If your staff does not get it, neither will the customer!

questionI came across a fantastic post on Justin Levy’s That’s Great PR! blog. Since the most successful startups are in constant mode of evolution, internal communications are crucial. We can’t afford to not have 100% of our team behind us. The subject of internal marketing and communication strategies is important in any economy.

One of the biggest branding/marketing failures I have seen in my career was due to decisions made in a vacuum. The founders were all fired up about the new strategy, but they failed to market it to the staff. They were the only people in the company who were involved in the process. Worse yet, since founders never really sold the service, they had no idea how customers perceived the brand. Staff refused to use new marketing materials and new terminology. It took a while, but founders had to go back to the drawing board after dumping all that money. Unfortunately, money was not the only resource wasted. Morale took a huge hit too.

How do we make sure to stay clear from such a huge landmine?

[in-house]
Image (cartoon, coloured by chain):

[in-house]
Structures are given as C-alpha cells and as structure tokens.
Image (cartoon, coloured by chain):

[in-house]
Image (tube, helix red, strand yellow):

#1. Involve your staff in crafting the marketing strategy. View from the front lines is much more detailed than the one from the command room. No one lost from extensive brainstorming with the team. WARNING: if your team is not pounding the streets, than everyone needs to get out of the building and get in front of the customers. I don’t believe that there is such thing as interacting too much with a customer. For a great primer on the importance of customer development and what happens if you don’t, please watch
a fantastic lecture Steve Blank has delivered at Stanford.
#2. If you can’t sell the new strategy to the staff, you will not be able to sell it to the customer. It is that simple.

Photo credit: Alexander Henning Drachmann

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